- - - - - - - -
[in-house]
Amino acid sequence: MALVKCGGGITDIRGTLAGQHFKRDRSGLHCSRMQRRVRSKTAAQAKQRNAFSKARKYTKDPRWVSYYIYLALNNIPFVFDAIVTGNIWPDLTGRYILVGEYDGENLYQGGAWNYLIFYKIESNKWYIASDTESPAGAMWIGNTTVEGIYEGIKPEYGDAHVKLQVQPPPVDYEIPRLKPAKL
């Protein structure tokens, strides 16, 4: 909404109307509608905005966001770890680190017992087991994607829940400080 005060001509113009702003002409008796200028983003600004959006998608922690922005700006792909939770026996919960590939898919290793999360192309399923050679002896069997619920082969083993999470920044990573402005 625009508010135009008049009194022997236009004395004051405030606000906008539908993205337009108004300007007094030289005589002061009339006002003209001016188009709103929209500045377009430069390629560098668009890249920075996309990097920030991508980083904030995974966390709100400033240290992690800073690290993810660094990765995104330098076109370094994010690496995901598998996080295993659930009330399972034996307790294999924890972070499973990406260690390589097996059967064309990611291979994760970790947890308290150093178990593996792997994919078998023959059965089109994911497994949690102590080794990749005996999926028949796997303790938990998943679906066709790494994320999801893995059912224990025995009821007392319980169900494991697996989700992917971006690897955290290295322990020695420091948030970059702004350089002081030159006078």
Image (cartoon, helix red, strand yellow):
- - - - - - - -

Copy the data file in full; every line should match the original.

[in-house]
Amino acid sequence: MALVKCGGGITDIRGTLAGQHFKRDRSGLHCSRMQRRVRSKTAAQAKQRNAFSKARKYTKDPRWVSYYIYLALNNIPFVFDAIVTGNIWPDLTGRYILVGEYDGENLYQGGAWNYLIFYKIESNKWYIASDTESPAGAMWIGNTTVEGIYEGIKPEYGDAHVKLQVQPPPVDYEIPRLKPAKL
């Protein structure tokens, strides 16, 4: 909404109307509608905005966001770890680190017992087991994607829940400080 005060001509113009702003002409008796200028983003600004959006998608922690922005700006792909939770026996919960590939898919290793999360192309399923050679002896069997619920082969083993999470920044990573402005 625009508010135009008049009194022997236009004395004051405030606000906008539908993205337009108004300007007094030289005589002061009339006002003209001016188009709103929209500045377009430069390629560098668009890249920075996309990097920030991508980083904030995974966390709100400033240290992690800073690290993810660094990765995104330098076109370094994010690496995901598998996080295993659930009330399972034996307790294999924890972070499973990406260690390589097996059967064309990611291979994760970790947890308290150093178990593996792997994919078998023959059965089109994911497994949690102590080794990749005996999926028949796997303790938990998943679906066709790494994320999801893995059912224990025995009821007392319980169900494991697996989700992917971006690897955290290295322990020695420091948030970059702004350089002081030159006078």
Image (cartoon, helix red, strand yellow):